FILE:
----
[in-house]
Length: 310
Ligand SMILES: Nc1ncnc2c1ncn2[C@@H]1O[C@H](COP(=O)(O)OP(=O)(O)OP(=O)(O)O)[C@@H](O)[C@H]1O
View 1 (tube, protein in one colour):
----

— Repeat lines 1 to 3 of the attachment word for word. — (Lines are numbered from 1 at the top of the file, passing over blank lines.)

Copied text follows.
[in-house]
Length: 310
Ligand SMILES: Nc1ncnc2c1ncn2[C@@H]1O[C@H](COP(=O)(O)OP(=O)(O)OP(=O)(O)O)[C@@H](O)[C@H]1O